Remember this guy? He's the alien hunter from the Predator movies. He had an array of tools that gave him a significant advantage over his human quarry. Thermal vision aided him when he hunted at night. Thankfully, aliens have not cornered the market on infrared imaging technology.
According to the Research and Market report, "Thermal Imaging Market-Worldwide Market Forecasts (2013-2018)," the thermal imaging market is expected to blossom from $3.5 billion in 2013 to nearly $6 billion in 2018. So, how can investors get involved in this opportunity? Let's take a look at one of the leaders in the infrared market, FLIR Systems (NASDAQ:FLIR).
FLIR produces a wide range of thermal imaging products and solutions for a variety of markets such as military, law enforcement, maritime, industrial, security, and personal use.
The FLIR company profile describes a near-bankruptcy in the late 90s, followed by the company's resurgence as a market leader under a new management team, led by Earl R. Lewis as CEO. He took the reins in late 2000 and implemented several fundamental changes for the company.
Lewis eliminated products with low profit margins to focus instead on high-profit products. He sought to improve operating efficiency by refining the production and distribution processes to reduce costs. Lewis also made cash the company's central focus to ensure funds were always available. With these changes, revenue grew year-over-year until 2012, but 2013 was challenging.
Should investors run and hide, or take on this stock as a long-term investment?
A closer look at 2013 results
Earlier this month, FLIR released full-year 2013 earnings, and the results were mixed.
- Revenue rose 6% from $1.4 billion in 2012 to $1.5 billion.
- Net income declined from $222.4 million in 2012 to $177 million.
- EPS declined from $1.45 per diluted share in 2012 to $1.22 per share.
- Operating income declined from $303.3 million in 2012 to $240.7 million.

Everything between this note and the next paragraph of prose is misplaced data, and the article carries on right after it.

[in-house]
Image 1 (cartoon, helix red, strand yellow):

- Cash flow rose 24% from $286 million in 2012 to $355 million.
According to the company's fourth-quarter 2013 conference call, FLIR has typically relied heavily on orders from the government. Unfortunately, orders from the DoD were down 51% in 2013. In addition, the surveillance segment was down 36%. Many surveillance customers rely exclusively on government contracts. The government shutdown of 2013 resulted in weaker demand for thermal imaging products, yet other business segments reported strong earnings for the year.
In the third quarter of 2013, Andy Teich, president and CEO of FLIR since mid-2013, announced a restructuring to "further enhance operating efficiency and profitability and to improve our internal execution with better communication, collaboration, and cooperation across the company." This effort resulted in nearly $26 million of one-time charges for the year, most of which happened in the fourth quarter of 2013.
The restructuring is not just a reaction to the weakness in government sales. It's a proactive move to rebalance the company. Over the last decade FLIR acquired numerous companies as part of its growth strategy. However, duplication and inefficiency crept in the door. Restructuring allows the company to reduce reliance on the government and significantly reduce the cost of doing business. Once the restructuring is complete, sometime in 2014, management expects to save in excess of $20 million per year. First year savings should pay the majority of the cost of restructuring!
There are more reasons the future looks promising. Remember the $355 million in cash flow earlier? That was a company record. In the fourth quarter, FLIR also repurchased 1 million shares of its common stock at an average price of $28.95 per share, plus raised the dividend. These moves indicate a confident management team.
What to watch
A key factor for growth is opening new commercial markets. FLIR is tapping into the Apple ecosphere. The FLIR One is a thermal imaging attachment for the iPhone 5 and 5s. This represents a huge opportunity for FLIR. Plus, FLIR managed to get the price under $350, which should be affordable for professionals and enthusiasts alike.
FLIR also announced the ThermoSite R Series infrared rifle scopes. The starting price is around $3,500, so it is not for everyone, but FLIR will likely find ways to make it cheaper, thus widening the market.
Should investors avoid this stock? I don't think so. 2013 was a rough year, but FLIR could come out stronger than ever. Watch to see if FLIR can successfully diversify its commercial line of products and continue to strengthen it's cash flow. I highly recommend adding FLIR to your watch list.
Matt Barham owns shares of Apple. The Motley Fool recommends Apple. The Motley Fool owns shares of Apple. Try any of our Foolish newsletter services free for 30 days. We Fools may not all hold the same opinions, but we all believe that considering a diverse range of insights makes us better investors. The Motley Fool has a disclosure policy.